Wow! I made it to Hong Kong today! and I so wished all of you could be here to experience it with me ! I would never have made it without going with my colleague from work, though. We started out on a bus ride in Dameisha, and had to transfer twice. There is no way I could have figured out the Chinese bus tables at the transfer stops. The buses took us to Shenzhen, and then we got separated at the Chinese customs, and again at the Hong Kong customs points. Isn’t customs/ immigration is a little like human relationships? Do I let you in? Do I like you? Do I like your politics? What will you offer in return for the offer of new cultures, new vistas, new experiences? (Money! I guess).
After getting through Hong Kong customs, the efficient (and crowded) Mass Transit Railway (MTR) System is at one’s disposal to go just about anywhere on Hong Kong Island (bottom of map picture) and Kowloon (top part of map). First a few basics about Hong Kong .. it is now a special administrative region of China (handed over in 1997 by the British), they have a different currency from China, the Hong Kong dollar. The written language is the same as in mainland China, but they speak Cantonese and not Mandarin!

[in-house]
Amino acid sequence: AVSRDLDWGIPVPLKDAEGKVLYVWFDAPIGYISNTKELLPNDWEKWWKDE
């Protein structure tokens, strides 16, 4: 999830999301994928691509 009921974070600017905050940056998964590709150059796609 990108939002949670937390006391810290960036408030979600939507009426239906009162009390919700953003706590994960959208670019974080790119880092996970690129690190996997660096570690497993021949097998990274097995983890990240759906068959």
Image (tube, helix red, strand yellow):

So here goes with a quick run-down of what we did. We stopped at a nice electronics store, and I bought a little handheld Chinese-English translator-computer with a stylus that lets one practice Chinese writing as well (I’ll try to learn just a few characters at a time. I have no illusions about how difficult it is, given that it takes a Chinese person 15 years of schooling to learn the written language! Next we had a nice lunch, dumplings and noodles in a broth for me. The MTR got us to Victoria Bay/ Hong Kong harbor where the picture of me was taken (so it’s the Hong Kong Island skyline behind me, a little foggy). Then we took the short Star Ferry ride across the water to Hong Kong Island. My colleague Samuel went clothes shopping while I went to a department store called Sogo. I came away with a stuffed panda bear, a lucky cat piggy bank and two Noritake coffee mugs. The MTR took us back to the border post with Shenzhen, where we again negotiated the two customs entry points. I was called out of the long line (no doubt because I was looking very foreign with my lily-white face in the large crowd of Asian people). My temperature was taken with an infrared scanner before they let me through.
I’ll post a selection of colorful pictures of Hong Kong tomorrow. It was all a little overwhelming and I couldn’t get enough of the imagery everywhere. I will have to go back.